Gabion fencing, however, isn’t used to retain a higher level, but rather as a divide between one space and another.
Gabion fencing can be trickier to build than a wall. The weight of the material alone can make it dangerous and liable to topple over. For that reason, make sure you’re consulting with a professional builder or structural engineer who has experience in working with this particular material.
Do Gabion Walls Need Foundations?
Gabion structures, whether walls or fences, do not need a concrete foundation. However, they do need some work under the surface. Otherwise, as heavy as they are, they would be easy to topple over.
How you create the foundation depends on a lot of factors, such as the material used for the wall, whether you’re using it to retain or fence, the condition of the site subsoil and more. You have to remove the soft, peaty topsoil if there is any and some of the subsoil before replacing it with a harder base course.
If you’re building the wall on bedrock, then you only need around 25mm of base course. Unlike many other walls, Gabion does not require a concrete foundation. For heavier materials, a double width base gabion might be used beneath the main structure in order to improve the wall stability.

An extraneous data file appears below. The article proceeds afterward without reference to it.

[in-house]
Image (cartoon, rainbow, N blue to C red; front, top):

In some cases, this is used where there is softer subsoil so that the weight of the wall is more evenly distributed across it.
Smaller, light Gabion walls don’t need thorough soil testing, but if you’re building a larger, heavier wall or fence, you should make sure you have the experts check foundation testing in order to find out the subsoil bearing strength.
Gabion Walls Cost Per Metre
The cost of installing a Gabion wall can vary hugely. Much of it depends on the materials you’re using to build it. Even without considering the stone filler, you can be looking at price ranges of £15 to £125 per meter of Gabion basket.
The reason this varies so much is that there are many different kinds of baskets. Wire diameter, weight, and material can all play a factor in the overall pricing. Your standard galvanised steel mesh that’s 50mm thick can cost around £30-35 per metre.
Then you have to factor in the cost of the stones, bricks pebbles, or whatever else you want to add to them. Gabion structures can be relatively expensive compared to other retaining wall options, but their unique look and relative ease of use makes them a popular choice amongst gardeners and landscape designers all the same.
How To Use Gabion Baskets, Walls and Fences In The Garden
Before you begin work on building your own Gabion wall or fence, you have to do your research. Whether it’s used as a fence, retaining wall, or something more decorative can change what kind of baskets you need, as well as whether you need to a thicker base or to replace the subsoil.
What’s more, you have to consider what material you want to use to fill the baskets, as well. You have to choose the basket type and the construction process that ensures the maximum security of the wall, regardless of what you’re using it for.